Torture (to stick to the topic) shown on TV. This indeed reminds me of Odai Hussein who probably enjoyed to watch bodies bending from electrical shocks while having some beer and a cigar.

No, you would not prevent potential murders from killing for fear of being tortured. The only result would be a brutalized public, thus leading to an increase in violence.
The death penalty in the U.S. (pardon this shift) exist, because people want revenge. There is hardly a politican or attorny left who believes in the deterrence of the death penalty. Same would go for torture.

Typically enough, you mentioned the French revolution, where people became more and more used to public executions and finally demanded to see more. The whole situation turned into a "panem et circensem"-thing which has had nothing to do with a proper legal system.



I support the right to arm bears
User currently offlineCHRISBA777ER From UK - England, joined Mar 2001, 5964 posts, RR: 62
Reply 10, posted (11 years 3 weeks 5 days 15 hours ago) and read 1065 times:

I think you guys are getting torture and corporal punishment mixed up -

Corporal punishment is when pain is caused to a person in retribution, on as part of a punishment procedure.

Torture is where something is required or desired back from the unfortunate ie: a confession.

Personally i think they should bring back corporal punishment in schools, but i do NOT condone torturing kids, no matter how much you may want to stick the thumbscrews on the little punks...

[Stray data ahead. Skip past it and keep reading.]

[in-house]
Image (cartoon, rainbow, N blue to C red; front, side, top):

What do you mean you dont have any bourbon? Do you know how far it is to Houston? What kind of airline is this???
User currently onlineNoUFO From Germany, joined Apr 2001, 7949 posts, RR: 12
Reply 11, posted (11 years 3 weeks 5 days 15 hours ago) and read 1057 times:

What is so sick about showing torture broadcatss on TV?????
It`s most likely not more violent than the average "Thriller" (...)


In your inability to tell fiction from reality it comes as no surprise you want to reinvent a legal system abandoned since centuries.



I support the right to arm bears
User currently offlineTriStar500 From Germany, joined Nov 1999, 4693 posts, RR: 42
Reply 12, posted (11 years 3 weeks 5 days 14 hours ago) and read 1048 times:

Some people here missed out some "great" job opportunities between 1933 and 45.

Gestapo members were also convinced they were torturing and killing just those people, who were unworthy of being part of the "Volksgemeinschaft".